Coquillettidia perturbans (Walker, 1856), original combination: Culex perturbans.
Subfamily Culicinae, tribe Mansoniini. Coquillettidia is one of two genera that comprise tribe Mansoniini. The genus includes 58 species in three subgenera: Austromansonia (1 species), Coquillettidia (44 species) and Rhynchotaenia (13 species). Genus abbreviation – Cq.
Coquillettidia are generally rather large, yellowish mosquitoes that are similar to species of Mansonia and resemble some species of Culex and Aedini. The ungues (tarsal claws) are simple and the abdomen is truncate in females (distinction from Aedini), pulvilli are not evident (distinction from Culex) and the dorsal wing scales are usually narrow and unicolorous, rarely broad and mixed dark and pale but never markedly asymmetrical (distinction from Mansonia). Furthermore, species of subgenera Coquillettidia and Austromansonia are distinguished from aedine species and species of Mansonia by the absence of postspiracular setae, and Neotropical species (subgenus Rhynchotaenia) are distinct in having a conspicuous preapical white band or spot on the anterior surface of the femora. The larvae of Coquillettidia and Mansonia differ from all other mosquito larvae in having the spiracular apparatus and siphon uniquely developed for piercing and securing air from plant tissues. Larvae of Coquillettidia have the distal part of the antenna elongate (usually as long as the basal part) and articulated with the basal part. See Mansoniini.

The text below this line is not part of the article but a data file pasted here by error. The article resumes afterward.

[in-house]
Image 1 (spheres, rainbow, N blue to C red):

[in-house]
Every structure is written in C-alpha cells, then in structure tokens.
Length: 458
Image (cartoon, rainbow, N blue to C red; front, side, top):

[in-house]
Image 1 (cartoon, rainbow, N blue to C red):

Morphological data strongly support the sister relationship of Coquillettidia + Mansonia (Harbach & Kitching, 1998). The phylogeny of the subgenera and species has not been investigated.
The larvae of Coquillettidia attach to aquatic plants to obtain oxygen from air cells for respiration. A variety of plants are used, particularly grasses. Larvae detach and re-attach to host plants quite readily. The females of several species readily attack humans. Both nocturnal and diurnal biters are known.
Some species of Coquillettidia are notorious pests of humans and domestic animals in Africa, Europe and North America. Several species of subgenera Coquillettidia (see) and Rhynchotaenia (see) are natural vectors of a various arboviruses: most importantly, Cq. perturbans is a vector of eastern equine encephalitis virus in North America.
The single species of subgenus Austromansonia occurs in New Zealand. Species of subgenus Rhynchotaenia are confined to the Neotropical Region. Species of subgenus Coquillettidia are found mainly in the Afrotropical Region but some occur in the Oriental and Australasian Regions, one occurs in North America and two occur in the Palaearctic Region.
Lane, 1953 (subgenus Rhynchotaenia, as subgenus of Mansonia, keys, taxonomy, distributions); Belkin, 1962 (as subgenus of Mansonia, South Pacific, taxonomy], South Pacific); Cova-Garcia et al., 1966 (Venezuela, keys, taxonomy); Delfinado, 1966 (subgenus Coquillettidia, Philippines, keys, taxonomy, bionomics, distributions); Belkin, 1968 (subgenera Austromansonia and Coquillettidia, New Zealand, taxonomy, bionomics, distributions); Belkin et al., 1970 (Jamaica, Cq. nigricans, taxonomy, bionomics, distribution); Tanaka et al., 1979 (as subgenus of Mansonia, Japan, keys, taxonomy, bionomics, distributions); Lee et al., 1988 (Australasian Region, keys, taxonomy, literature, bionomics, distributions); Service, 1990 (Afrotropical Region, keys, taxonomy, literature, bionomics, distributions); Rattanarithikul et al., 2006 (Thailand, keys, bionomics).